For so many of us, managing our finances is a mystery. We know we need to save for a rainy day and for retirement. We know managing debt is important, and that a credit rating can make or break whether we get a loan. For most people, financial knowledge ends there. That’s why we turn to financial advisors. But for some of us, becoming an advisor and helping other Canadians meet their retirement goals is of high interest (no pun intended).
Talking to a financial advisor can help us understand our options, and what is and is not important. In addition, advisors can explain how to maximize our income and savings. They can also help us prepare for potentials risks or financial blows.
To become an advisor in Canada, you don’t need a Master in Finance. However, you do need a broad base of understanding and knowledge of investments, insurance and financial management. So, how do you go about obtaining that kind of knowledge? Let’s start with the basics.
What Is A Financial Advisor?
A financial advisor gives advice on how to manage your money. They are well versed in the market and provide advice on savings, investment and insurance tools you need and should invest in. And while they do know about the market and can make investment recommendations, this isn’t their specialty. Still, they are a great resource for overall financial strategy.
There is so much more to investing than savings and stocks. And, there’s also much to know about how to best invest your money based on your goals. Whether you want to manage your own investments or give someone else total control, the key is to make sure your money is set up securely. But, do this in a way that is best designed to successfully meet your own specific goals.
What Types Of Advisors Are There?
The term ‘financial advisor’ is a bit of a catchall in Canada. This umbrella term includes a number of different types of specializations, including:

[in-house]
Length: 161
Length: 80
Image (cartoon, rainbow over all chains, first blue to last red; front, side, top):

- Financial planner
- Mutual fund salesperson
- Bank financial advisor
- Investment advisor
- Insurance advisor
- Financial coach
Financial Advisor vs. Investment Advisor vs. Financial Coach vs Financial Planner
We’ve already discussed what a financial advisor is. But let’s delve a bit deeper into what investment advisors, financial coaches and financial planners specialize in.
What Is A Financial Planner And What Do They Do?
The role of a financial planner is to help you clarify your financial and life goals. In addition, they give you a roadmap to reach those goals. Based on your income, they plan and manage your investment and insurance needs. And finally, they guide you towards a financially stable life and, eventually, retirement.
Financial planners are often seen as a need of the wealthy. But this is an all-too-common misconception. While there are fee-only planners, the truth is that the right certified financial planner can help you work toward meeting your financial goals — no matter what they are and no matter what your income level is.